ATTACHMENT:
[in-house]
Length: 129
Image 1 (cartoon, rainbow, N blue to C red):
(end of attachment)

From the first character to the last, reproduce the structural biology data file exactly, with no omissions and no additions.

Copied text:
[in-house]
Length: 129
Image 1 (cartoon, rainbow, N blue to C red):